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12 Interesting things from last week's Delivering Disability Services Conference

Thanks for subscribing to my database this year! As a small thank you I wanted to share my top 12 ‘take-aways’ from the Delivering Disability Services conference held in Sydney last week. (Some of these are evidence based facts, some are just my opinion based on the content.). I hope you find it helpful: 

  1. More than half the delegates comprised interstate disability providers keen to hear the NSW experience. Many were surprised just how different the NDIS is in NSW compared with their own home state. (From personal experience, the frontline reality of the NDIS is very different in each location: WA, SA, NSW, Vic, regional NSW and regional Qld. )

  2. A vibrant organisational culture is the single most valuable competitive differentiator “the key strategic pillar”. (Fabulous to hear so many leaders repeating this fundamental truth!)

  3. Adaptive organisations are decentralising their decision making and org structures.

  4. There are 23 allied health professionals for every 100,000 Australians. Anecdotal evidence indicates there is a 9-12 month wait in regional Victoria to see an allied health professional. (Clients in western NSW tell me it's 6 months!)

  5. 200,000 people are on the waitlist for social housing across Australia. System reform is a must.

  6. Competition for workforce between the aged care and disability sectors will become extreme as the NDIS continues to roll out

  7. To date $3.65b has been committed to SIL (1/3 of NDIS expenditure!).

  8. The pervasive mindset that NFPs can’t generate a surplus needs to change. A sustainable business model for any NFP is one that generates a surplus that can be reinvested in the mission. (In my opinion, this is impossible within the current, unrealistic NDIS pricing model. This pricing is the single greatest threat to quality and supply.)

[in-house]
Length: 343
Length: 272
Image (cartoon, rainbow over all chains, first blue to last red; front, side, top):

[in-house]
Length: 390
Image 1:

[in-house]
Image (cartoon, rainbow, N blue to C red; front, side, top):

9. Delivering social outcomes is all about ROI. Don’t confuse investment with costs.

  10. Creating meaningful employment for people with disabilities has to get more funding and public attention.

  11. There are more than 100 types of dementia. It is a symptom of a brain disease, not a disease. In 20 years, 1 in 3 Australians will have dementia - now it’s 1 in 5.

I managed to chair and present on the first day without catastrophic incident. :) 

Thanks again for all your support this year, whether it’s buying my book, liking my posts or attending my workshops. I will never take it for granted. I’m taking a longer Xmas break this year so I can make some progress on my next book. (I’m closing up on 21/12 and returning on 28/1/19.) 

Until then, my sincere best wishes for a peaceful, happy Christmas for you and your family!


PS. It’s my personal mission to help more organisations survive the NDIS, so that people with disabilities and their families will actually have a choice. So if you need a strategic marketing plan, a cultural change program or 1:1 phone coaching then email to book in a free phone chat in 2019.


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